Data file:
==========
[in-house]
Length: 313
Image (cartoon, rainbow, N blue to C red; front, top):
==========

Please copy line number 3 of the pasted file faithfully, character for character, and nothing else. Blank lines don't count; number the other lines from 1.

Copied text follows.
Image (cartoon, rainbow, N blue to C red; front, top):